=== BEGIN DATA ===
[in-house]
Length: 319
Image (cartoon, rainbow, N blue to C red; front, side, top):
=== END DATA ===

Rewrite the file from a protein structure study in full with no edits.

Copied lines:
[in-house]
Length: 319
Image (cartoon, rainbow, N blue to C red; front, side, top):